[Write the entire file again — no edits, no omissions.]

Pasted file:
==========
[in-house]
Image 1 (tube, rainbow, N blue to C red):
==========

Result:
[in-house]
Image 1 (tube, rainbow, N blue to C red):